The Wall Street Journal recently reported that the Department of Veterans Affairs is in discussions with Apple to provide portable electronic health records (“EHRs”) to military veterans. The plan reportedly calls for Apple to develop specialized software tools that would allow veterans and their families to access their EHRs through Apple’s Health Records EHR data viewer. The proposed plan is intended to simplify and streamline health data access for patients visiting VA healthcare sites.

If the plan comes to fruition, patients will be able to transfer their EHRs directly to their personal iOS devices. Other features could provide services such as automatic prescription refills; geotagging to identify nearby VA healthcare facilities; sharing medical test results; and tracking prescriptions.

For its part, Apple stands to fare well in the deal-it will reportedly receive a 15% to 30% share of subscriptions to the service. But despite its prowess in the tech world, Apple may be bringing the proverbial knife to a gunfight. Apart from failing to account for veterans who don’t own iPhones (as of June 2018, 54.1 percent of U.S. smartphone subscribers used an Android device), issues relating to accuracy of patient records and fraudulent practices have loomed over EHRs since its inception.

The Office of Inspector General Identified Early Concerns of Potential EHR Fraud

The Office of Inspector General (“OIG”) for the Department of Health and Human Services issued a report in January 2014 addressing concerns over the transition from traditional paper medical records to EHRs. The report emphasized that EHR technology can make it easier to commit fraud. For example, poor design or inappropriate use of EHR documentation features can result in poor data quality or fraudulent billing.

The OIG report identified two examples of EHR documentation practices that could be used to commit fraud. Copy-Pasting, also known as cloning, allows users to select information from one source and duplicate it in another location. When healthcare providers copy-paste information but neglect to update it or ensure its accuracy, inaccurate information could become part of a patient’s medical record. These errors could lead to inappropriate charges and result in erroneous billing to patients and third-party payers. Inappropriate copy-pasting could also allow unscrupulous healthcare providers to inflate claims and duplicate or create fraudulent claims.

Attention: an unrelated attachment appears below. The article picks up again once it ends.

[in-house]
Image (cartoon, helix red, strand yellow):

A practice known as overdocumentation is another fraud-related concern identified by OIG. Overdocumentation is the insertion of false or irrelevant documentation to create the appearance of substantiation for billing of higher-level services. OIG identified certain EHR technologies that have built-in templates that automatically populate fields in the patient’s record. Some EHR systems are designed to generate extensive documentation through a single click of a checkbox, some of which might be inaccurate if not properly edited by the practitioner. OIG noted that such features can produce information that suggests the provider performed more comprehensive services than were actually rendered.

The OIG report also found that few CMS contractors reviewed EHRs differently from paper medical records. A number of CMS contractors reported that they were unable to determine whether a healthcare provider had copied language or engaged in overdocumentation of medical records. The report also faulted CMS for having provided limited guidance to Medicare contractors about EHR fraud vulnerabilities.